Gynaecomastia

Dr Jeremy Jones et al.

Gynaecomastia refers to a benign excess of the male breast tissue, that is usually reversible. It is not a risk factor per se for developing male breast cancer.

While it can occur at any age, it tends to have greater prevalence in two groups: adolescent boys and older men (some publications describe a trimodal age distribution, occurring in neonatal, pubertal, and elderly males 8).

Palpation usually demonstrates a palpable, tender, firm, mobile, disc-like mound of tissue 8.

In gynaecomastia, there is enlargement of the male breast due to benign ductal and stromal proliferation. A hallmark of gynaecomastia is its central symmetric location under the nipple. Gynaecomastia in most cases tends to be unilateral and/or asymmetrical 3.

The imbalance between oestrogen action relative to androgen action at the breast tissue level appears to be a key aetiological factor in gynaecomastia 8.

The causes of gynaecomastia are many and include:

There can be three histological forms:

  • florid
  • intermediate
  • fibrotic

May appear as an increased sub-areolar density, which may be flame-shaped.

Three mammographic patterns of gynaecomastia have been described representing various degrees and stages of ductal and stromal proliferation. They are:

  • nodular pattern
  • dendritic pattern
  • diffuse glandular pattern

Early nodular gynaecomastia (florid phase) is seen in patients with gynaecomastia for less than 1 year. At mammography, there is often a nodular subareolar density.

Chronic dendritic gynaecomastia (quiescent phase) is seen in patients with gynaecomastia for longer than 1 year. Fibrosis becomes the dominant process and is irreversible. Mammograms this phase typically show a dendritic subareolar density with posterior linear projections radiating into the surrounding tissue toward the upper-outer quadrant.

Diffuse glandular gynaecomastia is commonly seen in patients receiving exogenous oestrogen. At mammography, there is enlargement of the breast and diffuse density with both dendritic and nodular features.

Focal gynaecomastia can variably appear as a retroareolar, triangular, hypoechoic (~80% 2) mass.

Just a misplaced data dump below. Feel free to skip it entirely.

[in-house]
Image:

In early nodular gynaecomastia, there can be subareolar fan or disc-shaped hypoechoic nodule surrounded by normal fatty tissue.

In diffuse glandular gynaecomastia, both nodular and dendritic features are seen surrounded by diffuse hyperechoic fibrous breast tissue.

In chronic dendritic gynaecomastia, there is often a subareolar hypoechoic lesion with an anechoic star-shaped posterior border, which can be described as fingerlike projections or "spider legs" insinuating into the surrounding echogenic fibrous breast tissue.

Breast imaging and pathology
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Article information

rID: 9082
System: Breast
Section: Gamuts
Synonyms or Alternate Spellings:
  • Gynecomastia

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Cases and figures

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    Case 1: bilateral gynaecomastia
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    Case 2: gynaecomastia on left
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    Case 2: on ultrasound
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    Case 3: with liver cirrhosis
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    Case 4
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    Case 5: on ultrasound
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    Case 6
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    Case 7
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    A triangular shap...
    Case 8
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    Ultrasound and Do...
    Case 9
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     Case 10
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    Case 11: bilateral
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